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Author Topic: Kidney Cancer  (Read 3037 times)

Offline OldMan

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Kidney Cancer
« on: 06/07/2004 06:01:59 »
Hi folks the question of today is why does it seem that Kidney cancer is so darn tough in comparision to other cancers? From what I have been told Chemotherapy is more or less ineffective and radiotherapy (from observation) also seems to have little effect. Any ideas as to why this would be and has anyone heard of the types of treatment patients with this form of cancer tend to receive?

Also I heard on the radio earlier today about a study where Chinese mint was found to kill cancer cells but unfortunately didn't hear the rest of the story. Has anyone else heard anything about this?

Cheers all
Tim


 

Offline chris

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Re: Kidney Cancer
« Reply #1 on: 06/07/2004 09:33:19 »
Renal cell carcinoma (kidney cancer) strikes twice as many men as women and has a peak incidence at around age 60. Its incidence is rising (for reasons we don't know) and it is associated with smoking, a hereditary condition called von Hippel-Lindau syndrome, another disease called tuberous sclerosis, and also turns up more often in people with a family history of this cancer.

The disease often presents late; indeed over a third of patients already have metastases (spread of the tumour elsewhere in the body) by the time they present to the doctor.

One of the first symptoms noticed by the patient is blood in the urine, or occasionally a lump in the abdomen, but these may not be easy for a patient to pick up on until the cancer has become considerably advanced.

Part of the reason for aggressive spread is that the kidney has an excellent blood supply and often these tumours grow along inside the renal vein. Bits of the tumour, though more commonly just cells, can detach and travel with the blood stream to other parts of the body. Characteristically it spreads to the lungs (producing so-called "cannon-ball metastases" on chest x-ray) and bone. Indeed paients with renal cancer might present with a fracture because a metastasis has weakened a bone (often a vertebra in the back).

There are no magic answers. If detected early, often by accident when the patient is tested for something else, the disease can be cured by complete surgical resection.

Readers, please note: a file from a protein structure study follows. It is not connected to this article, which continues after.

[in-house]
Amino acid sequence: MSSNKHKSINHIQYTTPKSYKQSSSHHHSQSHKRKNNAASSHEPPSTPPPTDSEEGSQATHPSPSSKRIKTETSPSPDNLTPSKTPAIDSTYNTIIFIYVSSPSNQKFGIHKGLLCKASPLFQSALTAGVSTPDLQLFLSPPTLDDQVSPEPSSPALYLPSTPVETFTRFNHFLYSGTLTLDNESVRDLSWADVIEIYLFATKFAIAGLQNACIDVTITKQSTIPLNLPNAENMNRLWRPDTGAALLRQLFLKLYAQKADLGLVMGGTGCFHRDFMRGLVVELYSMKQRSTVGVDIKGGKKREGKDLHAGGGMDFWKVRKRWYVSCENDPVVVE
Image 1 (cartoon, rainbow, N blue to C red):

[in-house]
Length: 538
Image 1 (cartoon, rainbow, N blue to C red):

Chris

"I never forget a face, but in your case I'll make an exception"
 - Groucho Marx
« Last Edit: 06/07/2004 09:34:27 by chris »
 

Offline Claire

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Re: Kidney Cancer
« Reply #2 on: 06/07/2004 22:01:29 »
That's awful. Is it true that cancer of the colon is very hard to detect too? I heard that often there are no symptoms for a long time.
 

Offline qazibasit

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Re: Kidney Cancer
« Reply #3 on: 24/07/2004 10:17:33 »
ya its true actually colon is something which is not very necessary for life and it has long term effects and many of its cancer cells are sweeped off through defication thats why its hard to detect you will detect it only when it spreads to some other parts.
 

Offline DrN

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Re: Kidney Cancer
« Reply #4 on: 24/07/2004 21:58:07 »
colon carcinoma can actually be incredibly invasive too, so will grow and spread quickly. which coupled with the british embarassment of mentioning problems 'down there' to their doctor, is a recipe for lack of detection and high death rates. but i agree, i understand that its hard to detect anyway. probably best to eat lots of fruit and veg and try to prevent it!
 

Offline bezoar

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Re: Kidney Cancer
« Reply #5 on: 31/07/2004 17:03:16 »
The ex husband is a classic case of a cure if being caught early enough.  He went in for some GI complaint, and on the routine UA, blood was detected in his urine.  Further workup revealed an early renal cell Ca.  First an embolization was done, then the kidney removed.  20 years later, he's still alive and cancer free, although I did read somewhere that Ca of the kidney can metatasize into strange places.  Read one case of a metatasis to the eye and that was 20 years later, so the ex may not be out of the woods yet.
 

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Re: Kidney Cancer
« Reply #5 on: 31/07/2004 17:03:16 »

 

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